The Tsai Leadership Program Wraps Up First Year of Classes

YLS Auditorium

The Tsai Leadership Program — created to provide law students with a cross-disciplinary skill set through courses, specialized immersive program, and workshops — wrapped up its first slate of classes for the 2021–2022 academic year.

“We were fortunate to recruit high-caliber instructors for our courses in The Tsai Leadership Program this past academic year. We received superb feedback about the courses, along with some constructive suggestions for the future that will help our team refine and augment our offerings in the coming academic year. The best part about my new job is having some additional resources to enrich the intellectual life of YLS with gifted teachers and practitioners in our classrooms,” said Don Carlson, Senior Executive Director of The Tsai Leadership Program.

Courses offered as part of the program help equip students with an intellectual foundation for a variety of future careers. Spring courses included: Financial Accounting, Corporate Finance, Beyond Reasonable Doubt: Probability and Statistics, Renewable Energy Project Finance, Computing and Society, Everyday Leadership and Nonprofit Leadership.

Yale School of Management Professor Kelly Shue taught Corporate Finance at the Law School in the spring, in which students learned about the various funding sources, capital structures, and investment decisions for firms and organizations. “I hope my students will remember that finance can do a lot of good, through the efficient allocation of capital to productive projects, and finance can do a lot of damage, through poor risk management and deception of the financially unsophisticated,” Shue said.

Surveillance, harassment, misinformation, predictive policing, and algorithmic bias were some of the topics covered in Computing and Society taught by Visiting Professor of Law Sarita Schoenbeck in the fall. The course explored the potential risks and harms associated with new technologies while preparing them for leadership positions at the intersection of technology, social impact, and policy.

In Think Like a Founder, Visiting Lecturer in Law Gary Stewart ’99 helped students understand the key risk factors inherent when building a successful career as an entrepreneur. Students were challenged to think like founders of high-growth startups and were grouped into teams to develop a scalable idea and create sales pitches, executive summaries, and business plans. At the final session of the class, teams pitched their business ideas to a panel of investors who provided advice on their presentation and selected a team they would most likely invest in if this were a real-life scenario.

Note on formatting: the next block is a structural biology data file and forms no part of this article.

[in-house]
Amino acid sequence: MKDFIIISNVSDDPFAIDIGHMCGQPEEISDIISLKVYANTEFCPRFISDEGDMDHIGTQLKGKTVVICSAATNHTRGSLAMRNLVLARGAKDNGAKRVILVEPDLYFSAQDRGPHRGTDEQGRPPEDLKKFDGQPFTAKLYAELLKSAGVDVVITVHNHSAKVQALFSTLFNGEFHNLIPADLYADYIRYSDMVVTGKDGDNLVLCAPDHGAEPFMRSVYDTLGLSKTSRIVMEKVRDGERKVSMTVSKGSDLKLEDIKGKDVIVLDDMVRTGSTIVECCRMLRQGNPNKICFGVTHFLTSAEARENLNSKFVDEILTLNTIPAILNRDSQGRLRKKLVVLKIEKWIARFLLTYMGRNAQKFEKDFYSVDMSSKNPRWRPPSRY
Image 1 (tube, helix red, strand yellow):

In his spring Nonprofit Leadership course that focused on the benefits of working for mission-driven organizations, Visiting Lecturer in Law Richard Buery ’97 introduced students to social entrepreneurship and nonprofit leadership opportunities.

“I feel blessed to have had the opportunity to learn with and from an amazing group of students. We spent each week exploring challenges faced by nonprofit leaders, and we were joined by several lawyers — working as nonprofit leaders — who shared their experiences with the class. It was a great experience for me, and I hope the students feel the same,” said Richard Buery, Visiting Lecturer in Law.

The Tsai Leadership Program is buttressed by two pillars: The Chae Initiative in Private Sector Leadership and the Ludwig Program in Public Sector Leadership. The Chae Initiative helps students prepare for careers in business, finance, investing, management consulting, and entrepreneurship. The Ludwig Program helps to prepare students for careers in public service, nonprofit, and government.

Visit The Tsai Leadership Program’s website to learn more about the program and its course offerings, events, and workshops.